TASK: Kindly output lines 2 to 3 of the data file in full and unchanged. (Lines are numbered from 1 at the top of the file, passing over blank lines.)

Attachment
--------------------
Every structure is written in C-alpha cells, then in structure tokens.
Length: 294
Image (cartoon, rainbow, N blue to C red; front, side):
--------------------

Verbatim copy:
Length: 294
Image (cartoon, rainbow, N blue to C red; front, side):